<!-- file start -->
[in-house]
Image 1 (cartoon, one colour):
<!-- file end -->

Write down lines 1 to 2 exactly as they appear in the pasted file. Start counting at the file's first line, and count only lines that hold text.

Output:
[in-house]
Image 1 (cartoon, one colour):